Many people like the idea of planting a tree next to the grave of a loved one so their bodies can live on, in a sense, by providing nutrients that get absorbed by the tree. But would you ever want to forgo the casket and the grave, and have your remains directly transformed into compost?
A new bill currently being considered by Washington state lawmakers could soon make it the first state to legalize human composting, which would give residents options beyond burial or cremation when considering how they want their body handled after death, reports NBC News.
"People from all over the state who wrote to me are very excited about the prospect of becoming a tree or having a different alternative for themselves," said state Sen. Jamie Pedersen, who has sponsored the bill.
If passed, the bill would allow for the "recomposition" of human remains, a process that speeds up decomposition and turns remains into a nutrient-packed soil. This soil could then be returned to families to use as they please, perhaps to plant a garden or a tree.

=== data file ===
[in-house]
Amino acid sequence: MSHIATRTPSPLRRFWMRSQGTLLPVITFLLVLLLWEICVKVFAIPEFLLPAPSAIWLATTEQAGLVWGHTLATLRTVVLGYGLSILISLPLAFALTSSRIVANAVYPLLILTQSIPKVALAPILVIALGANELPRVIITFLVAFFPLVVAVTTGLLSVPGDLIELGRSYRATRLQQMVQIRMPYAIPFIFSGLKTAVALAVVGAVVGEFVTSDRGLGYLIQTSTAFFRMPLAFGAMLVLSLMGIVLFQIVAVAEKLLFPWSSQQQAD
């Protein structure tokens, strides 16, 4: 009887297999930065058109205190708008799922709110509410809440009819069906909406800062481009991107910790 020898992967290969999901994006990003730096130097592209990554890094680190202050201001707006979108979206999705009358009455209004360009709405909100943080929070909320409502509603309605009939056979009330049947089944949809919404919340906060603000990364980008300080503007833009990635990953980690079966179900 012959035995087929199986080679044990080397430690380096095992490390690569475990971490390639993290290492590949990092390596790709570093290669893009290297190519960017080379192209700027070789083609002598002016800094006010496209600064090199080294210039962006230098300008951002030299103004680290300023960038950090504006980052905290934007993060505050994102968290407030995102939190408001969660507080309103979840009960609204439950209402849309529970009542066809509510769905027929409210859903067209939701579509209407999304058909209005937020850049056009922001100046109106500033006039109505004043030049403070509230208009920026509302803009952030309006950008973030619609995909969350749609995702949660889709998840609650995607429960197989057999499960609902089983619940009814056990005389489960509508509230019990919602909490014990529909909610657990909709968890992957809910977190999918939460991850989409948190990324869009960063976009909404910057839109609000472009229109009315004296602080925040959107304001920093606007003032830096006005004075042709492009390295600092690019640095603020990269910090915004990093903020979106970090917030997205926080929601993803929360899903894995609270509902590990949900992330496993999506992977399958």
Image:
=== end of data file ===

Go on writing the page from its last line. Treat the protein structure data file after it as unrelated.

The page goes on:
Cycle of life?
While some people might think there's something eerily cannibalistic about eating crops that were planted in grandma's remains, it's also a way of perpetuating the cycle of life that all of our food grows from. This is the mental hurdle that has likely prevented human composting from being legalized up to this point.
Recomposition does have some practical benefits that are worth considering as well. For one, it's more economical. A traditional burial costs an average of $7,000, according to the National Funeral Directors Association. Recomposition would cost around $5,500. Moreover, composting is far healthier for the environment. No toxic embalming fluids are used, and obviously the resultant nutrient-rich soil has a green thumb use.
The proposal also has safeguards in place to ensure that no harmful pathogens survive the recomposition process, which has been another sticking point in previous attempts to legalize human composting. A 2017 study led by researcher Lynne Carpenter-Boggs at Washington State University, which recomposed six donor bodies in a carefully controlled environment, has demonstrated that the process is safe.
Pedersen is optimistic that the bill has the support it needs to pass, and if it does it would take effect on May 1, 2020. The only question at that point will be: how many people are comfortable enough with the idea to opt for it?